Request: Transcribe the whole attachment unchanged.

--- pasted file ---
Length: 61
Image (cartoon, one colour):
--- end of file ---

Length: 61
Image (cartoon, one colour):